If a nasogastric tube is accidentally placed into the trachea instead of the esophagus, the feeding from the box will enter the lungs, which is a life-threatening situation.
The balance between carbon dioxide production, supply, and removal can be monitored by final capnography.
In the case of cardiopulmonary arrest, the cardiac output is reduced to zero, and therefore the transport of carbon dioxide from the tissues to the lungs cannot occur.
The end-tide capnometry of an artificially ventilated patient would show, after several wash breaths, a flat-tide program with zero-end tide capnography during the arrest.
Once chest compressions are started, the blood circulation will supply carbon dioxide back to the lungs, and the final tidal program will rise and fall with each breath as the carbon dioxide is vented.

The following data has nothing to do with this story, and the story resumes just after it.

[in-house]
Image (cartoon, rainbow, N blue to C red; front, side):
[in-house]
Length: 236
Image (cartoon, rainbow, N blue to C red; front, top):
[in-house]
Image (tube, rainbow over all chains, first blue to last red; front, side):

End-expiratory carbon dioxide levels of 20 mm Hg or more indicate adequate chest compressions during cardiopulmonary resuscitation.
And failing to reach a level of at least 10 mm Hg after 20 minutes of cardiopulmonary resuscitation (CPR) can help decide to end resuscitation efforts.
Continuous monitoring of tidal capnography can provide an early warning of impending hypoxemia.
Several studies have shown that respiratory depression is detected through end-tidal capnography 30-60 seconds before it is seen through oxygen saturation.
Confirmation of endotracheal intubation is vital in airway management in the emergency department, whereas there is no definitive diagnostic tool to verify correct intubation in emergency rooms.
Recently, capnography was used as the gold standard to confirm the correct placement of the endotracheal tube.